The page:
Most Mondays I write my Bookseller Redux column here on Editor's Corner, but my hardcopy of the magazine didn't arrive this week ... Hopefully, it will turn up tomorrow and I'll do the redux then! Anyway, whilst perusing the 'net over the weekend, I came across an excellent article by Scott Karp entitled Reinventing the Economics of News over on Publish2 Blog. Scott's argument is about newspapers, but it has much relevance to all published content. Scott argues that:
    Everyone is thinking about the shift in the economics of content in terms of paying for content, but what publishers are really facing is a shift in the economics of distribution. We're still paying for a bundle of information to be delivered to our homes — it's just that now that bundle is traveling via fiber optic cable rather than newsprint. It's not that "content wants to be free" — it's that Internet access ISN'T free, and now that distribution and content have been unbundled, people are reluctant to pay TWICE — once for distribution (i.e. internet access) and again for content (paid subscriber wall). ...What needs to be reinvented is the economics of content CREATION, which has been cut loose from the economics of distribution. ...The new economics of news won't be based on monopoly distribution channels — it will be based on networks.
    At one point Scott says of newspapers that "they need to stop asking why consumers won't pay for news anymore. Because they ARE paying to access news." The same goes for music and book content: there is huge demand for it to be networked -- because so much content is already online it is natural that we look there first for new content -- but there is reluctance to pay for it once it is online -- because so much "free" content that is very similar to it is already online (and already paid for via internet fees). How do publishers square this circle? If they don't put content online, they are missing a huge market. But if they do put it online, it has to distinguish itself from the crowd and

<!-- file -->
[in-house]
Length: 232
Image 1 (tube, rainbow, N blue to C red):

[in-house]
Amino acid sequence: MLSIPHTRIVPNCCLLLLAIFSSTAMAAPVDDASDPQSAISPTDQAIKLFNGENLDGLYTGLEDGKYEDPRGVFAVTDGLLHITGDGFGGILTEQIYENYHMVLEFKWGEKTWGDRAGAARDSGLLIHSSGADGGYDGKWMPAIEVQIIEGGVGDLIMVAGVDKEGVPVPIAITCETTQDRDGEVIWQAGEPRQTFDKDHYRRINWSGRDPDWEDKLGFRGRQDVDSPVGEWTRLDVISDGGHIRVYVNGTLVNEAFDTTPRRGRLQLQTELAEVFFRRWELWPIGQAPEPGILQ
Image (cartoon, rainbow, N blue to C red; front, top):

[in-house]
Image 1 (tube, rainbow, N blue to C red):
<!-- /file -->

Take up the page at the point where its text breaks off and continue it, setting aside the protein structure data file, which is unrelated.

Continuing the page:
• Yesterday, I gave a talk to the good folk of the Publishers Publicity Circle, down at Foyles in London. (Thanks to Jessica for inviting me down, and to the rest of the PPC for organising an excellent wee event.) I gave a little talk on blogging, why I do it both here on Editor's Corner
  • Reader beware

    Fri, 12 Dec 2008 06:24

    Tess Gerritsen is a bestselling crime-fiction novelist -- my mum's a big fan, actually. Recently, some of her earlier romance novels have been reissued e.g. Stolen. Over on her blog -- thanks Petrona -- Gerritsen reprints one of her ex-fans angry emails:
    I am not in the habit of writing to authors, however after reading all of your latest books and recommending you to family and friends, I bought (in large paperback) Stolen. I feel like my money has been that, Stolen! I have never read (I couldn't even finish it) such utter rubbish. You should be ashamed to have had it print again. I personally shall never buy one of your books again and I have made it my mission to tell everyone that I recommended you too.
    Gerritsen responds angrily:
    I am not, repeat NOT responsible for the re-release of my old romance novels. And any reader who knows how the real world of publishing works should understand that. It still just flabbergasts me that readers can hate the romance novels so much that they will boycott an author for EVER IN HER LIFE having written the genre.
    But that is just the point, isn't it? Most readers don't know about. and most certainly do not care one